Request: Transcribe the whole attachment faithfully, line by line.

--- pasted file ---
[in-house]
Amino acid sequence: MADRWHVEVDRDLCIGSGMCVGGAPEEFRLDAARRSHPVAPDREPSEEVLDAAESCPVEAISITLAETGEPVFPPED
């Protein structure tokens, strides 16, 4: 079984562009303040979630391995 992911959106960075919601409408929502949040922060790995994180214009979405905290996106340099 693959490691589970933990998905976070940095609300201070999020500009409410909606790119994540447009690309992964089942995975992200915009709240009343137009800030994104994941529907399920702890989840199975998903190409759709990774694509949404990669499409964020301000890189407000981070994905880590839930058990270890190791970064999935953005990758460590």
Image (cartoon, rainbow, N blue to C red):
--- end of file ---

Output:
[in-house]
Amino acid sequence: MADRWHVEVDRDLCIGSGMCVGGAPEEFRLDAARRSHPVAPDREPSEEVLDAAESCPVEAISITLAETGEPVFPPED
């Protein structure tokens, strides 16, 4: 079984562009303040979630391995 992911959106960075919601409408929502949040922060790995994180214009979405905290996106340099 693959490691589970933990998905976070940095609300201070999020500009409410909606790119994540447009690309992964089942995975992200915009709240009343137009800030994104994941529907399920702890989840199975998903190409759709990774694509949404990669499409964020301000890189407000981070994905880590839930058990270890190791970064999935953005990758460590």
Image (cartoon, rainbow, N blue to C red):